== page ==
The health secretary has offered an olive branch to the profession over NHS pensions change suggesting that the tiering of doctors’ contributions might be ‘flatter’ post 2015.
In a letter to the BMA, Jeremy Hunt said discussions on he is to bring forward discussions on post-2015 contribution rates that were originally scheduled to begin next year.
He also said that, while the overall cost envelope for staff contributions remains unchanged, the government has not made any decisions about the contribution rates across salary levels from 2015.
The Bill, which enshrines the government’s structural changes, is currently going through its Commons stages will little political resistance. Doctors will move onto a career average pension scheme in 2015, except those who are within ten years of retirement.
Contribution rates are increasing rapidly. The Department of Health implemented the first of its rises in April. Consultants saw their contributions rise from 8.5% to 9.9%, with further rises – going up to 14.5% for highest earners – planned by 2014/15.
The BMA has argued that the new arrangements are unfair and called on doctors to lobby their MPs.
It says the government has ignored the changes that were agreed in 2008 – when higher earners started contributing more proportionally than lower earning members. The NHS pension scheme is in surplus and £250 billion worth of savings by 2060 have already been generated by changing the indexation method from RPI to CPI.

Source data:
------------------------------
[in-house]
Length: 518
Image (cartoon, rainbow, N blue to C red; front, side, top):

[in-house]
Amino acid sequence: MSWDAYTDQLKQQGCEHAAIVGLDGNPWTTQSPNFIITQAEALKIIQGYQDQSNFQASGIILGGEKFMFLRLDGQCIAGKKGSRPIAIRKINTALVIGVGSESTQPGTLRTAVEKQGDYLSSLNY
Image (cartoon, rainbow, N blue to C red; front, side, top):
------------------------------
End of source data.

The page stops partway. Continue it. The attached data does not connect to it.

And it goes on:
The union has argued that there is no justification for ‘tiered’ contribution rates in a career average earnings scheme.
The health secretary’s letter says: “I would like to assure you that while the NHS PS Proposed Final Agreement makes it clear that employee contributions will average 9.8% from 2015, we have not yet made any decisions about the tiering arrangements to deliver this. I can therefore confirm that we are looking for the NHS PS Governance Group of employers and trade unions to reach and consensus and make recommendations on this to the Department of Health.”
The government is still fully committed to changing the scheme, increasing contributions and extending the retirement age, however.
On 21 June 2012, doctors took industrial action over the pension changes but low ‘turnout’ affected its impact, and the BMA in England promptly switched to a negotiated approach.
BMA Scotland is currently balloting its members over additional, stronger industrial action i.e. strike action with emergency cover.
This latest ballot has been called specifically in relation to the ongoing dispute with the Scottish government which has devolved authority for limited aspects of the NHS pension scheme for Scotland.
The ballot closes on 28 November. On that day, BMA Council will consider the results of the ballot in Scotland and review the situation in the rest of the UK.
Read a blog on the topic.